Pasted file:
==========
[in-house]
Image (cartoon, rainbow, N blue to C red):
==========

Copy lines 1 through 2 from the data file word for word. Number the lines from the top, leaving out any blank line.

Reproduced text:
[in-house]
Image (cartoon, rainbow, N blue to C red):